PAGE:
Over a million developers have joined DZone.
{{announcement.body}}
{{announcement.title}}

Decorator Design Pattern in Java

DZone's Guide to

Decorator Design Pattern in Java

Wanting to learn more about how to implement the decorator design pattern in Java? Check out this post to learn more about the decorator pattern in the Gadget interface.

· Java Zone ·
Free Resource

Get the Edge with a Professional Java IDE. 30-day free trial.

Let's imagine that we want to create a game, and, for our superhero, we want to add a new gadget to every level of the game. Each gadget should be selected by the player. How can we do that?

One way to do that is by using the traditional inheritance. We will create a base abstract gadget class and multiple subclasses for different gadget combination.

But, wait! I have n numbers of gadgets, so, in my case, I have to create n subclasses.

If n = 5, then, for 5 powers, the number of subclasses will be 5! = 120. For 5 gadgets, we have to create 120 subclasses. Is there any other simple way to do that?

Yes, we can use the decorator design pattern to solve this problem.

The decorator design pattern allows behavior to be added to an individual object, either statically or dynamically, without affecting the behavior of other objects from the same class.

The decorator design pattern comes under the structural pattern. This pattern creates a decorator class that wraps around the original class and provides additional functionality, keeping class methods' signature intact.

We will create a   Gadget  interface and concrete classes implementing the  Gadget  interface. We will, then, create an abstract decorator class Gadgate  Decorator implementing the   Gadget  interface and having   Gadget  object as its instance variable.


 FlightGadget and  UnibeamChestProjectorGadget are concrete classes implementing the  GadgateDecorator.

The suit class will implement the  Gadget  interface, and it will be our base gadget or first gadget.

Gadget.java
package com.genericclass.decorator.design.pattern;

public interface Gadget {
     Gadget addGadget();
    void showGadget();
}


GadgetDecorator.java
package com.genericclass.decorator.design.pattern;

public abstract class GadgetDecorator implements Gadget{ 
  Gadget nextGadget;
  public GadgetDecorator(Gadget nextGadget) { 
    this.nextGadget = nextGadget; 
  } 
  @Override public
  Gadget addGadget() { 
     return this; 
   }
   @Override 
   public void showGadget() { 
     nextGadget.showGadget(); 
   }
}


FlightGadget.java
package com.genericclass.decorator.design.pattern;
public class FlightGadget extends GadgetDecorator {
 public FlightGadget(Gadget nextGadget) { 
   super(nextGadget);
 } 
  @Override 
  public void showGadget() {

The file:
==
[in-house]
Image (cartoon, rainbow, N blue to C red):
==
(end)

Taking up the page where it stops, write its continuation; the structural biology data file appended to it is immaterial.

super.showGadget(); 
   System.out.println(" Flying Gadget..."); 
  }
}


UnibeamChestProjectorGadget.java
package com.genericclass.decorator.design.pattern;
public class UnibeamChestProjectorGadget extends GadgetDecorator {
  public UnibeamChestProjectorGadget(Gadget nextGadget) { 
    super(nextGadget); 
  } 
  @Override 
  public void showGadget() { 
    super.showGadget(); 
    System.out.println(" Unibeam Chest Projector..."); 
  }
}


Suit.java
package com.genericclass.decorator.design.pattern;
public class Suit implements Gadget{
 @Override 
public Gadget addGadget() {
 return this; }
 @Override
 public void showGadget() {
  System.out.println(" Iron Man Suit...");
 } 
}


IronMan.java
package com.genericclass.decorator.design.pattern;
public class IronMan { 
 Gadget gadget = new Suit(); 
  public  void addNewGadget(String gadgetName) { 
    if(gadgetName.equals("Flight")) 
       this.gadget = new FlightGadget(gadget); 
    else 
      this.gadget = new UnibeamChestProjectorGadget(gadget);
   } 

   public void showGadget() { 
      System.out.println("My Gadgets:");
      gadget.showGadget(); 
    }
 }


Main.java
package com.genericclass.decorator.design.pattern;
public class Main {
 public static void main(String[] args) { 
  IronMan ironMan = new IronMan(); 
  ironMan.addNewGadget("Unibeam Chest Projector"); 
  ironMan.addNewGadget("Flight"); 
  ironMan.showGadget(); }
}


Output:
My Gadgets:
  Iron Man Suit... 
  Unibeam Chest Projector... 
  Flying Gadget...


In conclusion, the decorator pattern provides greater flexibility than static inheritance. It enhances the extensibility of the object because changes are made by coding new classes.

The decorator pattern can be used when we want to add responsibilities dynamically at runtime.

Get the Java IDE that understands code & makes developing enjoyable. Level up your code with IntelliJ IDEA. Download the free trial.

Topics:
java ,design patterns ,tutorial ,decorator design pattern

Published at DZone with permission of

Opinions expressed by DZone contributors are their own.

{{ parent.title || parent.header.title}}

{{ parent.tldr }}

{{ parent.urlSource.name }}